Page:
Pharmaceutical Commerce - July/August 2010 - (Page 1)

2010 PDM SHARINGA CONFERE NCE Coverag Business Strategies for Pharma/Bio Success ge on page 25 JULY/AUGUST 2010 Business & Finance Information Technology The Five Things We Need to Do to Re-invent Commercial Operations By running Commercial Operations like a stand-alone business, executives can sharpen their focus on strategy, tactics and overall performance By Stephen E. Gerard and V. James Mercante, Partners, TGaS Advisors The Path Ahead for Enterprise Computing As IT vendors leap into cloud computing, clients in life sciences struggle to keep the data flowing through the organizations By Nicholas Basta Contemplating changes in enterprise computing systems is never a casual task for pharma CIOs, regardless of how many new bells and whistles new enterprise systems might have. But these days, the tasks are even more daunting, even while the need for up-to-date computer systems has never been more critical. Consider: • The major mergers of the past year—plus new multibillion-dollar acquisitions currently being contemplated—necessitate wrenching continued on page 22 > A fundamental shift is under way throughout the pharmaceutical industry – we can all agree on that. What used to take decades to change and years to measure now seems to happen at the speed of light. Every functional area in almost every pharmaceutical company is reexamining the way it does business and making changes to meet the demands of the industry’s “new normal.” Some groups will thrive in this environment, others will just survive. Operations executives of the past became somewhat accustomed to being able to do the same thing year after year. It may sound trite, but it was always OK. Each year we became adept at running a little faster, doing more with a little less, and in the process started overloading our Operations organization with more of the same. Annual plans were mistaken for strategic plans and budgets were a fixed and finite way of getting the job done. Traditionally, Commercial Operations executives have focused on Sales Operations and Marketing Sciences/Research. This domain has grown, however, as Marketing Operations functions, particularly Medical/ Regulatory/Legal support, Speaker Logistics, Agency Management, Meetings and Conventions, have become more centralized for reasons of cost efficiency, compliance and consistency. The explosion in digital promotions and focus on promotional compliance has also changed the landscape. TGaS Advisors has seen a growing recognition of the importance of a Commercial Operations organization that can effectively manage the increasing range of promotional activities. Many factors have sparked this change, including the “new commercial model” across 1. Be the CEO of Commercial Operations 2. Set a multi-year strategy 3. Select a few things where you want to be best-in-class 4. Embrace Managed Markets 5. Make performance metrics matter continued on page 12 > Supply Chain | Logistics Reverse Logistics Providers Upgrade Their Service Capabilities Even while cutting the costs of recalls and returns, providers offer new marketing tools to industry By Suzanne Shelley Unlike forward distribution in biopharma products, where exacting controls are maintained on shipping processes, purchase orders and inventories, reverse logistics tends to be a messy affair, with unpredictable lots of prescription and OTC products from countless retail pharmacies, chain stores, hospitals and other institutional pharmacies being sent back through a variety of intermediary partners in the reverse supply chain. These third-party agents must then arrange for both the destruction of the product and for all cash or credit reimbursements for unsalable products to be paid by the drug manufacturers. While the volumes returned (consisting of expired product, overstocks, and voluntary or mandated product recalls) are low—around 1-2% of the forward continued on page 20 > STERICYCLE all segments and sizes of pharmaceutical companies as well as the growing importance of managed care. In addition, companies saw the need for a broader promotional portfolio efficiently executed with rapid cycle times and a focus on performance-based metrics and measurements. Another factor requiring a stronger Commercial Operations organization is the growing importance of a consolidated view of increasingly complex compliance regulations, which differ by state, across business units and geographies as well as attention to detail in meeting oversight and reporting requirements. In many pharmaceutical organizations, Commercial Operations reports to the head of Pharmaceutical Business Operations and is strategically positioned to provide comprehensive operational support and leadership across all business units and related staff organizations, including IT, Regulatory, Advocacy and Finance. In that vein, we propose that heads of Commercial Operations begin to view their mission from a fundamentally different perspective, seeing themselves as leaders of their own commercial enterprise and becoming the CEOs of “Comm Ops, Inc.” We believe there are five keys that will enable CEOs of Commercial Operations groups to transition from a high-performing service bureau to a strategic business partner: Fig. 1. Manual processing at Stericycle. PRSRT STD US POSTAGE MENDOTA, IL PERMIT 200 PAID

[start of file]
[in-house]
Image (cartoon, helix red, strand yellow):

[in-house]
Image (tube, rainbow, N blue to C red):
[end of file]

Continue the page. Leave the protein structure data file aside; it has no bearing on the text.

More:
Table of Contents for the Digital Edition of Pharmaceutical Commerce - July/August 2010

Pharmaceutical Commerce - July/August 2010
Top News
Business & Finance
Brand Marketing | Communications
Supply Chain | Logistics
Information Technology
2010 PDMA Sharing Conference
Legal | Regulatory
Executive Training & Development
Meetings & Editorial Index

Pharmaceutical Commerce - July/August 2010